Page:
Health Camps Reach the Underserved in Pakistan
Ten thousand children who were previously unreached by polio vaccines are now protected from this incurable virus for life, thanks to new health camps.
In the shade of a tree in the remote village of Chandiya in Dera Ghazi Khan district of Punjab, a crowd of people wait their turn to receive medical treatment. Reaching children and their parents who all too often do not receive basic health care and water and sanitation services, these camps deliver polio vaccines to the children who most need them, alongside other important health services.
“This is a rare chance that a doctor is visiting our village to give us free check-up and medicines. It’s a blessing for us to services right at our neighbourhood,” said Sher Ali, a local standing in the crowd who had brought his child for vaccination.
This scene is not unique; across Pakistan, 1857 health camps have been set up by the Government of Pakistan with support from technical partners and donors. So far this year, 480 538 people have benefitted from the health services delivered at these camps, including 10 000 children under the age of five who have never previously received the oral polio vaccine. This has made health camps a vital tool in Pakistan’s push to identify and protect the children who have been missed by polio campaigns in recent years.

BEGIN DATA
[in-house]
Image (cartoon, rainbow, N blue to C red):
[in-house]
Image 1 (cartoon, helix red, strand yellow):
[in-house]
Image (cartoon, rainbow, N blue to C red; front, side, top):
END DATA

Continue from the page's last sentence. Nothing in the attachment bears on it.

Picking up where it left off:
Dera Ghazi Khan borders several high risk areas for polio, including Balochistan, Sindh and Khyber Pakhtunkhwa. Therefore health camps like this one are essential for combatting the low immunization coverage, poor health services and misconceptions circulating among parents about oral polio vaccine, all of which leave many of the children of the district vulnerable to the virus.
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